In 1968, Roland Barthes penned his famous -- some say infamous -- essay "The Death of the Author." Now something of an "elegant slogan" (as scholar Jane Gallop identifies it), Barthes' polemic called for a shift from the authority of the author to the authority of readers. In this way, the meaning of something (a book, for example) is made by many authors (the readers), not by a single author. The authorized voice, in other words, is not the final word on the subject. Soon afterward, a somewhat condensed version of Barthes' argument appeared on a bumper sticker. Emerging from the late 1960s' counterculture movement, the American-style soundbite declared, "Question authority." Both Barthes' theoretical assertions (written against the backdrop of France's own cultural revolution) and America's punchy declaration emblazoned on a bumper sticker insisted that authoring/authority is not a form of control but malleable elements to be questioned if a democracy is to be viable.
Such participation through questioning is nothing new in the United States. Its history is shaped by oratorical debate in which proposing a well-thought thesis question intervenes in public discourse so as to persuade, provoke, and make change. The rewards and failings in American culture are due in no small part to this lively history. Importantly, academia is often the place where the rigors of this tradition are shaped and disseminated.
The "death of the question" in our education system thus carries significant consequence for the very ideals on which this history takes shape. What I mean by this is that the shift in culture from one that "questions authority" to one that demands data memorization for standardized testing asks the public to yield power rather than challenge it. Those in these transformative crosshairs are none other than the students of America. It is no surprise that university public-relations offices now prefer to identify students as consumers. However, their rhetoric neglects an important aspect of student life: that students are at once consumers and producers. They are a unique bunch in society in that they are simultaneously required to take in information and give it back in freshly conceptualized ways. Treating students as empty vessels who merely absorb in order to be unilaterally assessed underestimates both the student and the culture to which they will offer their talents.
With the topic of student consumption and rigid assessment a current and hot debate in the pages of higher-education journals, it is worth taking stock of what is at stake for the student. On the one hand, Alexandra Logue champions strict models of assessment so that students "learn widely accepted correct information." On the other hand, in an address to those of us who teach at universities and colleges, retired high-school teacher Kenneth Bernstein publicly expressed his concern about "No Child Left Behind." Along with the more recent "Race-to-the-Top" initiatives, Bernstein pointedly highlights the way that these directives enforce learning as consumption only. Learning thus emphasizes memorization of "correct" responses for multiple-choice exams. Hence, the model that Logue offers measures intellectual ability through marketplace sentiment in which student equals consumer. Alternatively, Bernstein argues that measuring intellectual gain requires a student to consume and produce in order to think independently and creatively. "Correct information" is not always "correct" once and for all, because, as Logue argues, it is certainly not always "widely accepted."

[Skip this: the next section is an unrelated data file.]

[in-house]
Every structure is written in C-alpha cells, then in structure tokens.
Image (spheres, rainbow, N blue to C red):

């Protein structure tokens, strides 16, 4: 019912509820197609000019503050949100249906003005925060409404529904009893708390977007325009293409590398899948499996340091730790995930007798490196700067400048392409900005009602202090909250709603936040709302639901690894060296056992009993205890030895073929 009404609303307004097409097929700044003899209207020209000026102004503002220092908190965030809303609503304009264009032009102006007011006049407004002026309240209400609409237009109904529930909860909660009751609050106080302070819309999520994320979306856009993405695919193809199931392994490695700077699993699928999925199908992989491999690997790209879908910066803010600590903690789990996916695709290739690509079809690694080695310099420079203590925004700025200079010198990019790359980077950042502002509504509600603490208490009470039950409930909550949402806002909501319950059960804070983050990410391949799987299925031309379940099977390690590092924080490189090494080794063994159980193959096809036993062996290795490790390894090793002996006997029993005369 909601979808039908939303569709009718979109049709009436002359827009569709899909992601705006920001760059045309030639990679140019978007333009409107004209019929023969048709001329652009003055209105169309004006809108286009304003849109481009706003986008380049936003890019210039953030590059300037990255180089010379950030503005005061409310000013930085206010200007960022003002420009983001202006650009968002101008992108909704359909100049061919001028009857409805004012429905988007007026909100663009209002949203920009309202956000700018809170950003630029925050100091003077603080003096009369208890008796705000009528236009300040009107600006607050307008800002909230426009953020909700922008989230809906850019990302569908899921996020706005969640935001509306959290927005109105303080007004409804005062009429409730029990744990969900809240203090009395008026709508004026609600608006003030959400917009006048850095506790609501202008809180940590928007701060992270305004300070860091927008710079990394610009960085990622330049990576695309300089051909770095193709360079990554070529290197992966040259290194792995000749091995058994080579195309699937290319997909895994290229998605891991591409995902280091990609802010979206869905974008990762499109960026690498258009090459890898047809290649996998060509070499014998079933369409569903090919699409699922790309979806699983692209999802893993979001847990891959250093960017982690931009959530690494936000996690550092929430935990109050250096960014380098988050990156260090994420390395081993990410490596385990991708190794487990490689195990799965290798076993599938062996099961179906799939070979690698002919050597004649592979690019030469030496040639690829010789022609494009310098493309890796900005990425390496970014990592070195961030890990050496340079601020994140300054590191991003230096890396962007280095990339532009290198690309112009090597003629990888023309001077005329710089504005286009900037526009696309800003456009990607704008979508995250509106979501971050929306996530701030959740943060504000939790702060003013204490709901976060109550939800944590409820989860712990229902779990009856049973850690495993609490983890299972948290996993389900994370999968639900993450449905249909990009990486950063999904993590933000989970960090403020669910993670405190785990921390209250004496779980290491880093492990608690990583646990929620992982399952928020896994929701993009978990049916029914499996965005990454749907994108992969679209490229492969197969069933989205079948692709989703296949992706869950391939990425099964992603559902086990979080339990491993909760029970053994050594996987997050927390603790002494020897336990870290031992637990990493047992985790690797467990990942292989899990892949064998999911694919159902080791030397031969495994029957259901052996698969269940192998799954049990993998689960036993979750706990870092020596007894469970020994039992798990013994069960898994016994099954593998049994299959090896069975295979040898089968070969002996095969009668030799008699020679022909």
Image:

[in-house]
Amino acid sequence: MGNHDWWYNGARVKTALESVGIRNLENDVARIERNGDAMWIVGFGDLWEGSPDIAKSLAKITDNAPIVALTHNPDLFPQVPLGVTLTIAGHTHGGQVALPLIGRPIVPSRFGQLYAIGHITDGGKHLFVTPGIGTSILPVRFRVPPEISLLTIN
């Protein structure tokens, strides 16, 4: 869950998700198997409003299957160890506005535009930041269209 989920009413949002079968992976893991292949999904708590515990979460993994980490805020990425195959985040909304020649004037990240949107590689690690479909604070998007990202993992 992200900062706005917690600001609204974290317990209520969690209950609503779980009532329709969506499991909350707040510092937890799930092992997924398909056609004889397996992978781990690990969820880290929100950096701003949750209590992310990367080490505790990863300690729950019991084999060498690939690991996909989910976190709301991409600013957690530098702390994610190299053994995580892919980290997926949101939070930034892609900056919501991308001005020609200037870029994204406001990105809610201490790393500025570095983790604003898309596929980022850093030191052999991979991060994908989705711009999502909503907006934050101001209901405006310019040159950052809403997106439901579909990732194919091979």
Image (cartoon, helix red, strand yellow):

With critical thinking taking a backseat to a more functional and efficient method of learning, rigorous conceptualizing and strong writing skills have been sidelined by a process of regurgitating preauthorized answers. Students enter the academy, Bernstein warns, with a deficit in critical thinking, and with the expectation that their job (as it were) is to repeat exactly what their instructor imparts. In short, students entering college do not know how to frame a question, which, in turn, prevents them from constructively and critically questioning authority in order to actively participate in culture.
Universities (mine included) have lined up in good form behind these efficient modes of assessment. "Outcomes," "sustainability," and "value added" are buzzwords that academia embraces when describing education. The idea, of course, is that the best-prepared student is one who gives back without question, or, as Logue views it, repeats "widely accepted correct information." If Bernstein sets out in his letter to flag the critical shortcomings embodied in a new generation of student, his comments are also directed to the culture at large. A vibrant society depends on innovative if discomfiting ideas. Given the United States' rich heritage in which questioning authority is crucial to the process of equality and democracy, is it not important -- indeed urgent -- to question the way learning is authorized and to teach students not to parrot what I and my colleagues believe to be true? If we are to assess students' "outcomes" in the classroom, is it not incumbent on us to develop curricula and pedagogical practices to guide students in ways to pose critically effective questions? Is not a successful classroom "outcome" one in which students question everything that they have just learned?